1999 GMC Yukon Problems
RepairPal has identified the most common problems with the 1999 GMC Yukon based on complaints from actual vehicle owners. We'll tell you what the problem is and what it'll take to fix it.
The upper dash may crack, most commonly on vehicles in warm climates and exposed to a lot of sunlight. The common repair is to replace the upper instrument trim panel. Information on a technical service bulletin or extended warranty is not available at this time.
The power door lock actuators may become slow to operate or stop working completely and require replacement.
The intake manifold gasket may develop and external engine oil or coolant leak. In some cases, an internal coolant leak may occur causing coolant to mix with the engine oil. Running the engine with a coolant/oil mix may result in engine damage. Replacing the intake manifold gasket should correct this issue.
Illumination of the Check Engine Light can be caused by a loose or worn gas cap.
The inside and outside door handles are prone to breaking.
The 99-01 GMC Yukon has a known issue with the air pump check valve which causes illumination of the check engine light. There are no notable symptoms, but the vehicle will not pass state inspection or smog testing.
When the valve fails, it sticks closed, and the computer sets the code P1416. Replacement of the check valve is the only fix, as the valve is not serviceable.
The headlight switch used on the GMC Yukon is known to fail through normal operation. Since the headlight switch is also integrated into the interior lights, a malfunctioning switch can cause issues with interior lights as well.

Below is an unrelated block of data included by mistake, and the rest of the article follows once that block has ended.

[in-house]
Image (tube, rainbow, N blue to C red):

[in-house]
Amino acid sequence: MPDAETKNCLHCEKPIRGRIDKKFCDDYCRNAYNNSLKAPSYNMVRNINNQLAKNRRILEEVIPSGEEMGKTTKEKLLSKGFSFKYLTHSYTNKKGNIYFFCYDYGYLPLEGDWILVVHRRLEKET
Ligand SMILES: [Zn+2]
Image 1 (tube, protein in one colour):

- Symptoms of a failed headlight switch include:
- Headlights and taillights failing to turn on or off
- Interior lights flicker, or fail to turn on or off
- Gauge cluster lighting off or flickering with headlights on
- Parking light malfunctions
This issue is well known with General Motors Trucks and SUVs, and is solved by testing and, if needed, replacing the headlight/dimmer switch. Bad grounding wires at the tail-lights, and dirty/corroded tow package wires can also lead to some of these issues.
The engine may develop a misfire due to worn valve seats. This fault will cause the Check Engine Light to illuminate. Our technicians tell us the misfire may or may not be felt while driving. They further recommend that both cylinder heads be removed and thoroughly inspected and repaired as necessary.
The front or rear differential may develop an abnormal noise due to worn bearings or another internal fault. Our technicians tell us that a complete overhaul of the affected differential is commonly necessary to correct this condition.
One or more fuel injectors may become stuck closed causing an engine misfire and the Check Engine Light to illuminate. Our technicians tell us that this problem can be caused by some fuel additives. There are special procedures which may be able to restore the affected injector. If this fails the affected injector must be replaced.
The spark plugs should be replaced every 100,000 miles. Our technicians recommend replacing the spark plug wires also at this time.
The quick-connect fittings for the heater hoses tend to leak engine coolant. This problem commonly occurs because the metal housing has become brittle, which can break and cause leaks.
A coolant leak may develop from the water pump. This can result in an engine overheating condition. A leaking water pump will require replacement.
Vehicles equipped whit a 4 speed automatic transmission may develop a harsh 1-2 shift and/or illumination of the Check Engine Light with code P1870 stored. This can be caused by wear of the bore for the TCC isolator and regulator valves in the valve body. This condition does not commonly occur until the transmission reaches normal operating temperature. If the valve body is worn, replacement will be necessary to correct this concern.